Parameters
  • data_set – the DataSet we are reading into

  • f – a file-like object to read from

  • ids_read – a set of array_ids that we have already read. when you read an array, check that it’s not in this set (except setpoints, which can be in several files with different inner loop) then add it to the set so other files know not to read it again

write(data_set: DataSet, io_manager, location, force_write=False, write_metadata=True, only_complete=True, filename=None)[source]

Write updates in this DataSet to storage.

Will choose append if possible, overwrite if not.

Parameters
  • data_set – the data we’re storing

  • io_manager (io_manager) – the base location to write to

  • location (str) – the file location within io_manager

  • only_complete (bool) – passed to match_save_range, answers the following question: Should we write all available new data, or only complete rows? Is used to make sure that everything gets written when the DataSet is finalised, even if some dataarrays are strange (like, full of nans)

  • filename (Optional[str]) – Filename to save to. Will override the usual naming scheme and possibly overwrite files, so use with care. The file will be saved in the normal location.

write_metadata(data_set: DataSet, io_manager, location, read_first=True, **kwargs)[source]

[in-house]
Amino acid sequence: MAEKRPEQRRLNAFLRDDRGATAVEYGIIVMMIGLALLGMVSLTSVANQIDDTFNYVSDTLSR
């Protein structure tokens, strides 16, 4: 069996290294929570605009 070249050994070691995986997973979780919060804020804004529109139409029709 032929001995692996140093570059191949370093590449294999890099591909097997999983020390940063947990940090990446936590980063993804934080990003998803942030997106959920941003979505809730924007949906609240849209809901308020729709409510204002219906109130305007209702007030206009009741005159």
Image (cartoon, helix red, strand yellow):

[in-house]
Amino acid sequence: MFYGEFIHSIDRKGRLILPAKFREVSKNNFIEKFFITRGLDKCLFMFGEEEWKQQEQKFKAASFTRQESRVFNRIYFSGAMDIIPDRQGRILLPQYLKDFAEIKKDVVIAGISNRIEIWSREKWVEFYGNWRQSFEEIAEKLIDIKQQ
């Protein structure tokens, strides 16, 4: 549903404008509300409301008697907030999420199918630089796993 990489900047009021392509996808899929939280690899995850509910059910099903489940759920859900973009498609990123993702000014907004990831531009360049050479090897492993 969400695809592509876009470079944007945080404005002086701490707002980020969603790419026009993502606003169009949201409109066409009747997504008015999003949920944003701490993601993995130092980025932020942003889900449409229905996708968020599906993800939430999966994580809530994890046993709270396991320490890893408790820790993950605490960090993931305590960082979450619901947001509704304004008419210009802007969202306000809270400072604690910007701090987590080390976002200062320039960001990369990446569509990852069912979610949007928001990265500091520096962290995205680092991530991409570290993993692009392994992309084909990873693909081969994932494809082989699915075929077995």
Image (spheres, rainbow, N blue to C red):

Write all metadata in this DataSet to storage.

Parameters
  • data_set – the data we’re storing

  • io_manager (io_manager) – the base location to write to

  • location (str) – the file location within io_manager

  • read_first (Optional[bool]) – read previously saved metadata before writing? The current metadata will still be the used if there are changes, but if the saved metadata has information not present in the current metadata, it will be retained. Default True.

read_metadata(data_set)[source]

Read the metadata from this DataSet from storage.

Subclasses must override this method.

Parameters

data_set – the data to read metadata into

class ArrayGroup(shape, set_arrays, data, name)

Bases: tuple

Create new instance of ArrayGroup(shape, set_arrays, data, name)

count(value, /)

Return number of occurrences of value.

property data

Alias for field number 2

index(value, start=0, stop=9223372036854775807, /)

Return first index of value.

Raises ValueError if the value is not present.

property name

Alias for field number 3

property set_arrays

Alias for field number 1

property shape

Alias for field number 0

group_arrays(arrays)